For a short time in the 1990s, I helped a small company develop proposals for providing mental health services. My desk housed two standard references: the Chicago Manual of Style, and the fourth edition of the Diagnostic and Statistical Manual (DSM-IV) of the American Psychological Association (APA). The DSM is essentially a classification system, like a taxonomy, providing a structured list of the psychiatric diagnoses used by mental health practitioners.
The DSM has long been regarded as the psychiatrists’ bible, just as the Chicago Manual is still widely and highly regarded as the writers’ bible. It looks like the DSM is now going down a different path. The APA’s proposed changes for the May 2013 release of the DSM-5, which were made public two years ago, have triggered strong letters of protest from numerous experts and organizations, and even from within its own ranks. Some petitions are circulating, and an “Occupy the APA” protest demonstration is planned for this May.
As reported by Gary Greenberg (“Inside the Battle to Define Mental Illness,” Wired Magazine, January 2011), “Psychiatrists at the top of their specialties, clinicians at prominent hospitals, and even some contributors to the new edition have expressed deep reservations about it.” One of the most prominent and outspoken critics of the DSM-5 draft is Dr. Allen Frances, lead editor of the DSM-IV (he readily admits some of its errors and urges them to be corrected). Dr. Frances has fired off several open letters to the APA (see his blog) that have been published by the Psychiatric Times. Greenberg observes that “some are beginning to agree with Frances that public pressure may be the only way to derail a train that he fears will take psychiatry off a cliff”.”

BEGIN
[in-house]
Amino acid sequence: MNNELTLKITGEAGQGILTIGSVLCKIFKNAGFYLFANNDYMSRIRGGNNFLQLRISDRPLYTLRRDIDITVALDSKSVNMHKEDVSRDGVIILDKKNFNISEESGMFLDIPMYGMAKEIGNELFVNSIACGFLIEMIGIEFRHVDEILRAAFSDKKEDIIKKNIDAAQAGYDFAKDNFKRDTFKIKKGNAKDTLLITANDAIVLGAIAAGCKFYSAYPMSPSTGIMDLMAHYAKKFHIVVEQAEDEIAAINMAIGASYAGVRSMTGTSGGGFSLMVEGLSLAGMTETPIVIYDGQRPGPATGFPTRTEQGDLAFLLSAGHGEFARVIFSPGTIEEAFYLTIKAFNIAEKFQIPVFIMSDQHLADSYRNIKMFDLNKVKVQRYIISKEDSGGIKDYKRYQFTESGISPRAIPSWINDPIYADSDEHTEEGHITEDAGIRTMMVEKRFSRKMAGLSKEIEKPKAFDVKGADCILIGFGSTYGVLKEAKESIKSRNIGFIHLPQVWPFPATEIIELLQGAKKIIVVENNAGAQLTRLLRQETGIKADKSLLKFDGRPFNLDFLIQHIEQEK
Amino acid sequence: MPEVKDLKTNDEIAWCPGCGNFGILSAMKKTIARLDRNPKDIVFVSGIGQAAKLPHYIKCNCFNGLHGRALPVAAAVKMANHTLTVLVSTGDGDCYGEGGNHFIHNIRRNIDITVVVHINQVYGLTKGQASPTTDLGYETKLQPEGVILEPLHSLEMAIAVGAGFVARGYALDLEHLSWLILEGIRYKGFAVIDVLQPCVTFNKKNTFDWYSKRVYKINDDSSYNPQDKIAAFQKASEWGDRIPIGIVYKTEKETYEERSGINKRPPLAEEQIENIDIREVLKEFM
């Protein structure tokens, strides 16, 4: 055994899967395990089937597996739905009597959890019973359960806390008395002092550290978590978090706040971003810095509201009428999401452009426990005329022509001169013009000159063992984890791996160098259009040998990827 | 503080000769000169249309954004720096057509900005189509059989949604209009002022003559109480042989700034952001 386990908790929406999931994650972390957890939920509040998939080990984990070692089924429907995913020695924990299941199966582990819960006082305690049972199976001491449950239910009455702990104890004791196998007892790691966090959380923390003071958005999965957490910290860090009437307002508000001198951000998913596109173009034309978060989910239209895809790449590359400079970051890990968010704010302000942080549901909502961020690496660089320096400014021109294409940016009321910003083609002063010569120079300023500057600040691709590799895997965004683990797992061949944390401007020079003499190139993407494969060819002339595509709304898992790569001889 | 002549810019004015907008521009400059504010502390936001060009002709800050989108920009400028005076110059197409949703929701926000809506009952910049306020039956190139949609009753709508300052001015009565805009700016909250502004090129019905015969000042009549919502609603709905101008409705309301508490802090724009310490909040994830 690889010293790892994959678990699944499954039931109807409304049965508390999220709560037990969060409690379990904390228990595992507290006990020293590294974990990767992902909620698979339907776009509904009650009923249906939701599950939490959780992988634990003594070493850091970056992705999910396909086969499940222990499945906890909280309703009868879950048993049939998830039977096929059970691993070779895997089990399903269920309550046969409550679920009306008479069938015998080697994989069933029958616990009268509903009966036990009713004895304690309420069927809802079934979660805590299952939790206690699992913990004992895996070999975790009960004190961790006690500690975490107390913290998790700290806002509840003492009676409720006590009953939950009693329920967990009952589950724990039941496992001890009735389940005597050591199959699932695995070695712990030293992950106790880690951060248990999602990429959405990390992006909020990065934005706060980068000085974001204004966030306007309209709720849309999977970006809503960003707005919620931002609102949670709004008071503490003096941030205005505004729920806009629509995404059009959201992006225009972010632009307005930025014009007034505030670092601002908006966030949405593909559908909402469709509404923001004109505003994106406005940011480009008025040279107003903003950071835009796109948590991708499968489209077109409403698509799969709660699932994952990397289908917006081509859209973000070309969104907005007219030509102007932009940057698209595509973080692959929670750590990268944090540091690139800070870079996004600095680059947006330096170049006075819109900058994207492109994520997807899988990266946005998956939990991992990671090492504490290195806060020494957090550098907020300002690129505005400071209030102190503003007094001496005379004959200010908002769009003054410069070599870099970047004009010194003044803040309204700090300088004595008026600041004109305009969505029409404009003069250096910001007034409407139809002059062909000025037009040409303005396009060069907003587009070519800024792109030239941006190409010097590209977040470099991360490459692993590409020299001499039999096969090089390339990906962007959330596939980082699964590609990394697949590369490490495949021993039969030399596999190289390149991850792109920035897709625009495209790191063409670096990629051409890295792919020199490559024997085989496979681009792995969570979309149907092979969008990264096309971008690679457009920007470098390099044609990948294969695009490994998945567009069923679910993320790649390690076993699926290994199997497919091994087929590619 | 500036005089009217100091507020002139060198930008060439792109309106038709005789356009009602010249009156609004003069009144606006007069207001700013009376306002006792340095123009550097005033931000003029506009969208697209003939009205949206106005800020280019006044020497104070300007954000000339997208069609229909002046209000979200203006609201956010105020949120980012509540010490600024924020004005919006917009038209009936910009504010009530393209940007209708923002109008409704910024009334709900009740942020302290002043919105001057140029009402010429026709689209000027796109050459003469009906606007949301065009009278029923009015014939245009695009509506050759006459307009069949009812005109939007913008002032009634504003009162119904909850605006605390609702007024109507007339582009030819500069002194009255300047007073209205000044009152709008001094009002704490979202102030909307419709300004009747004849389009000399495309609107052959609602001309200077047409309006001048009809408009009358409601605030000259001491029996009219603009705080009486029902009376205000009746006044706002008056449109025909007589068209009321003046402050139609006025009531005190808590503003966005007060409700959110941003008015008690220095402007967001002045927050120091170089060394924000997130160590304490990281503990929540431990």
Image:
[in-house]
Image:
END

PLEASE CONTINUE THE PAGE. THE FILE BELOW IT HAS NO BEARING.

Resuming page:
Do the DSM draft’s faults, whatever they are, matter all that much? Well, as Greenberg explains, “The book is the basis of psychiatrists’ authority to pronounce upon our mental health, to command health care dollars from insurance companies for treatment and from government agencies for research. It is as important to psychiatrists as the Constitution is to the US government or the Bible is to Christians. Outside the profession, too, the DSM rules, serving as the authoritative text for psychologists, social workers, and other mental health workers; it is invoked by lawyers in arguing over the culpability of criminal defendants and by parents seeking school services for their children. If, as Frances warns, the new volume is an “absolute disaster,” it could cause a seismic shift in the way health care is practiced in this country. It could cause the APA to lose its franchise on our psychic suffering, the naming rights to our pain.”
Why all the controversy? There are numerous reasons. One root cause is that the task force responsible for revision seems to have ignored best practices for classification system construction and revision. The task force has been widely accused of 1) a closed, secretive development process; and 2) resistance to constructive criticism and external recommendations.
The closed, secretive approach has promoted distrust, especially as details of potential conflicts of interest (including contracts with pharmaceutical companies) have emerged. Revision contributors have complained that they were obliged to sign nondisclosure agreements before participating in DSM-5 draft development. Benedict Carey, in an article for The New York Times (“Psychiatrists Revise the Book of Human Troubles”), quotes DSM-III lead reviser Dr. Robert Spitzer as saying, “When I first heard about this agreement, I just went bonkers. Transparency is necessary if the document is to have credibility, and, in time, you’re going to have people complaining all over the place that they didn’t have the opportunity to challenge anything.”
Furthermore, the closed approach seems to have gone hand in hand with a resistance and lack of responsiveness to external criticism and recommendations. The draft changes have been online and open to public comment since February of 2010. However, despite the many subsequent criticisms, the committee has persisted in defending its proposed changes, even the more controversial ones.